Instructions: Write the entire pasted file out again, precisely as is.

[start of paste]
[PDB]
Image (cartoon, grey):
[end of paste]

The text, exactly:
[PDB]
Image (cartoon, grey):